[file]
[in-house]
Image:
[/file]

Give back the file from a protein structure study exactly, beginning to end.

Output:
[in-house]
Image: